the European Union has charged Apple with allegedly “abus[ing] its dominant position” in the music streaming market.
The charges stem from an initial complaint filed by Spotify in 2019. At the time, Spotify accused Apple of having “an unfair advantage at every turn” by imposing a series of obstacles that favored its own services at the expense of competitors. As it turns out, the European Commission seems to agree with Spotify.
“By setting strict rules on the App Store that disadvantage competing music streaming services, Apple deprives users of cheaper music streaming choices and distorts competition,” the European Commission said in a tweet.
The Commission further explained in a press release that it took issue with Apple’s role as a gatekeeper to the iOS ecosystem. Because the App Store is the only venue for developers to reach iOS users, the Commission contends that elevates Apple to a dominant position within the music streaming market. In particular, it singled out Apple’s mandatory 30% commission for in-app purchases and “anti-steering provisions.” The latter refers to limitations within the App Store that prevent developers from informing consumers of alternative payment options that might be cheaper. That in turn forces rival music streaming services to raise subscription prices for consumers to make up for their higher costs—all while Apple benefits by acting as a middle man for in-app billing and communications with consumers.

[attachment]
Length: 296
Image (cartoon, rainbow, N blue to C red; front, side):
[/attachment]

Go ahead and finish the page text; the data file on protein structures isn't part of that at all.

It’s a no-brainer that each company would point to the other as being in the wrong here. But it’s clear that Apple’s 30% commission and control over in-app transactions is a sore point for multiple companies. Next week, Epic Games will also go to federal court to argue that Apple abused its power to kick Fortnite out of the App Store. That dramatic brouhaha last summer sparked a number of app developers—including Spotify, Tile, and Epic Games—to form the Coalition for App Fairness (CAF), a nonprofit that aims to fight against the so-called Apple tax and other anticompetitive app store policies.
. If found guilty, Apple could face up to a 10% fine on its annual revenue—which, any way you slice it would be a lot of money. However, the Commission says that there are “no legal deadlines for bringing an antitrust investigation to an end” and that an investigation will last as long as it needs to, “depend[ing] on a number of factors.” In other words, while this is a major milestone in Apple’s App Store antitrust saga, it’s far, far, far from being over.
I have been talking about ending the monopoly stranglehold big tech has been excersising since early 2019 so it’s good to see the end of this is all coming together finally